Saturday, 2 April 2016

Professor HOK at NID : Persuasive System Design

Professor Harri Oinas Kokkunen visited the National Institute of Design on April 1, 2016. Harri Oinas-Kukkonen is Professor of information systems at the Department of Information Processing Science, University of Oulu. He has a strong background regarding various aspects of information systems and digital media both as a practitioner and in academia.

He is a jolly fellow and spent the better part of the morning visiting the Vavs (stepwells) in Ahmedabad. On first thought, Persuasive System Design seems like a complicated term but after the talk, we felt we understood some pieces of the puzzle.

All new technologies that are being developed imitate the web for e.g. the ATM machine UI. Our contemporary web is already social and mobile yet it is far from being a 'frozen' technology. The web as a platform is still in its beginning yet it can be viewed as a transformer and humanizer. Companies have a huge responsibility on their shoulders as they need to encourage people outside their payroll to use their ecosystem, hence the ecosystem needs to be designed carefully. UI is moving towards being more intuitive and natural. For instance, notifications that you need to exercise daily can be annoying if the time is not right. Yet people love to gt rewards when they complete an exercise plan. What could be the solution here?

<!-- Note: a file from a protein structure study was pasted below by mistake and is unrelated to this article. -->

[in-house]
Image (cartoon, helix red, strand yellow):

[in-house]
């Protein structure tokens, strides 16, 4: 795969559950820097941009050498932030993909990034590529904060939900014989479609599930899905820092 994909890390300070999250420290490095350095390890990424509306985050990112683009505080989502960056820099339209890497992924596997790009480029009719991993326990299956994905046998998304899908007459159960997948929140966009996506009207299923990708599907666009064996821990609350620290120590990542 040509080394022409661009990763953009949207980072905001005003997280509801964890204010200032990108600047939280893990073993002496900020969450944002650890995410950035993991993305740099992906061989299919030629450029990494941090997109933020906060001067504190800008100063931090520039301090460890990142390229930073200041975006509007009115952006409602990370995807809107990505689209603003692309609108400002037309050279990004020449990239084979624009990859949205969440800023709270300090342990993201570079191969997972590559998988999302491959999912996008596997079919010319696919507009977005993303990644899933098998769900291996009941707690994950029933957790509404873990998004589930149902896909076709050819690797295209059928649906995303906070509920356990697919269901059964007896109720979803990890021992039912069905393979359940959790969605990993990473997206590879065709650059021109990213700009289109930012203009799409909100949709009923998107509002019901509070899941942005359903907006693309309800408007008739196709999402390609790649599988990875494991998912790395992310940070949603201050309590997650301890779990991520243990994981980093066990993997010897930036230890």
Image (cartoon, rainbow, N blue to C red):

The PSD model:

1) Persuasion postulates: How can design affect behavior? Is complete behavior change required or do we need to just create nudges?

2) Persuasive features

3) IT is never neutral. It has practical applications. People like their views of the world to be organized as consistent.

4) Direct and indirect routes are key persuasion strategies.

5) Persuasive systems should be both useful and easy to use. There is a difference between usability and usefulness and that certainly need to be taken into account.

6) Persuasion through a persuasive system must always be unobtrusive to a user's primary tasks. It should make users WANT to change. A counter argument is that some people do not want to be persuaded. An example in the non digital world is that in Disneyland, the waiters recommend families to buy the cheapest alcohol. This is because people save up for years to get that experience of Disneyland and thus, Disneyland feels that people should get to experience the place in entirety. Even if they buy cheap alcohol, they would feel confident of making the choice if the wwaiter himself recommends it.

7) Persuasion through persuasive systems should always be transparent.

The session ended with a question answer session and by then most of us had reached our full saturation point. His work area is surely very interesting and since he has been in this field for long and is highly experienced, he answered our questions in detail. He has co-authored a book with his brother - Humanizing the Web which I hope will further answer your queries.